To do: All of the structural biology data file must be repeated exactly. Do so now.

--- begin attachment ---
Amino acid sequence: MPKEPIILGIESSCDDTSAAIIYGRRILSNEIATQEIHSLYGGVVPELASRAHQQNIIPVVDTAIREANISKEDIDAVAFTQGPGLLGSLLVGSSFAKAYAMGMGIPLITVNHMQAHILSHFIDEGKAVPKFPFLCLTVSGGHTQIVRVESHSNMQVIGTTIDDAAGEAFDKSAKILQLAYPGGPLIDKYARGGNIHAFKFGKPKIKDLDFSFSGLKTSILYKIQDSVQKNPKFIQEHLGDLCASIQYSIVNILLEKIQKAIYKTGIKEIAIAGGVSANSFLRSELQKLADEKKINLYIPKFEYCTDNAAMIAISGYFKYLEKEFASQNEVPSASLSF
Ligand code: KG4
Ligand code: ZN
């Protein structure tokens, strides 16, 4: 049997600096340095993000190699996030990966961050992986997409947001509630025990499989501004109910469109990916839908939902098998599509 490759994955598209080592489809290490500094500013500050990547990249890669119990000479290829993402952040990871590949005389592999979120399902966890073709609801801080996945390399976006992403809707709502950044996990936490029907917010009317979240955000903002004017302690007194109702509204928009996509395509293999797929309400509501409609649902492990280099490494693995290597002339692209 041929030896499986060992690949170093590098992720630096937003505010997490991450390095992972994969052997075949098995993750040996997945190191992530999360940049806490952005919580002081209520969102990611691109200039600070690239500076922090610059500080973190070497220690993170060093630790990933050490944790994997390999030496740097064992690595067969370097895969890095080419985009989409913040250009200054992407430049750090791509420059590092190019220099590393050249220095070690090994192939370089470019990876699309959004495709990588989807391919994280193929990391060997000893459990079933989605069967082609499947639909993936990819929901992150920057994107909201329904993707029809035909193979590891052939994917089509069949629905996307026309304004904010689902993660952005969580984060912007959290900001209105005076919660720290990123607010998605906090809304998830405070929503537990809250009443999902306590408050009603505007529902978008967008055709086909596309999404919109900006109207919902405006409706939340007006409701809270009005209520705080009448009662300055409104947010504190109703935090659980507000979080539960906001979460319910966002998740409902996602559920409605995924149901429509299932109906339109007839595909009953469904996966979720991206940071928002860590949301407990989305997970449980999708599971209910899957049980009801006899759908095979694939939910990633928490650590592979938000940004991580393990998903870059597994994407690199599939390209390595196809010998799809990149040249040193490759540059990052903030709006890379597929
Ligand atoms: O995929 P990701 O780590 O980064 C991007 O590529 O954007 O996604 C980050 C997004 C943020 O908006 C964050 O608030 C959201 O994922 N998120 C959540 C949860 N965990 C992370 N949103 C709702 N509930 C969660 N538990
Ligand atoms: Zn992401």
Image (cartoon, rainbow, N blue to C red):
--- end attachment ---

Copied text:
Amino acid sequence: MPKEPIILGIESSCDDTSAAIIYGRRILSNEIATQEIHSLYGGVVPELASRAHQQNIIPVVDTAIREANISKEDIDAVAFTQGPGLLGSLLVGSSFAKAYAMGMGIPLITVNHMQAHILSHFIDEGKAVPKFPFLCLTVSGGHTQIVRVESHSNMQVIGTTIDDAAGEAFDKSAKILQLAYPGGPLIDKYARGGNIHAFKFGKPKIKDLDFSFSGLKTSILYKIQDSVQKNPKFIQEHLGDLCASIQYSIVNILLEKIQKAIYKTGIKEIAIAGGVSANSFLRSELQKLADEKKINLYIPKFEYCTDNAAMIAISGYFKYLEKEFASQNEVPSASLSF
Ligand code: KG4
Ligand code: ZN
């Protein structure tokens, strides 16, 4: 049997600096340095993000190699996030990966961050992986997409947001509630025990499989501004109910469109990916839908939902098998599509 490759994955598209080592489809290490500094500013500050990547990249890669119990000479290829993402952040990871590949005389592999979120399902966890073709609801801080996945390399976006992403809707709502950044996990936490029907917010009317979240955000903002004017302690007194109702509204928009996509395509293999797929309400509501409609649902492990280099490494693995290597002339692209 041929030896499986060992690949170093590098992720630096937003505010997490991450390095992972994969052997075949098995993750040996997945190191992530999360940049806490952005919580002081209520969102990611691109200039600070690239500076922090610059500080973190070497220690993170060093630790990933050490944790994997390999030496740097064992690595067969370097895969890095080419985009989409913040250009200054992407430049750090791509420059590092190019220099590393050249220095070690090994192939370089470019990876699309959004495709990588989807391919994280193929990391060997000893459990079933989605069967082609499947639909993936990819929901992150920057994107909201329904993707029809035909193979590891052939994917089509069949629905996307026309304004904010689902993660952005969580984060912007959290900001209105005076919660720290990123607010998605906090809304998830405070929503537990809250009443999902306590408050009603505007529902978008967008055709086909596309999404919109900006109207919902405006409706939340007006409701809270009005209520705080009448009662300055409104947010504190109703935090659980507000979080539960906001979460319910966002998740409902996602559920409605995924149901429509299932109906339109007839595909009953469904996966979720991206940071928002860590949301407990989305997970449980999708599971209910899957049980009801006899759908095979694939939910990633928490650590592979938000940004991580393990998903870059597994994407690199599939390209390595196809010998799809990149040249040193490759540059990052903030709006890379597929
Ligand atoms: O995929 P990701 O780590 O980064 C991007 O590529 O954007 O996604 C980050 C997004 C943020 O908006 C964050 O608030 C959201 O994922 N998120 C959540 C949860 N965990 C992370 N949103 C709702 N509930 C969660 N538990
Ligand atoms: Zn992401």
Image (cartoon, rainbow, N blue to C red):